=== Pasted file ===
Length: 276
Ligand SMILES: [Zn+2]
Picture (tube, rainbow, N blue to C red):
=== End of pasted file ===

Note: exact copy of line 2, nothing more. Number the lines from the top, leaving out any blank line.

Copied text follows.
Ligand SMILES: [Zn+2]